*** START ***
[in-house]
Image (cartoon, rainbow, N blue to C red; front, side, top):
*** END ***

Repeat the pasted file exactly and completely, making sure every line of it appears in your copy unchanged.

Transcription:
[in-house]
Image (cartoon, rainbow, N blue to C red; front, side, top):